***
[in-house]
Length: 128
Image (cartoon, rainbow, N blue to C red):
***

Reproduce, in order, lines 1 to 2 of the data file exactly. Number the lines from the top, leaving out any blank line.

[in-house]
Length: 128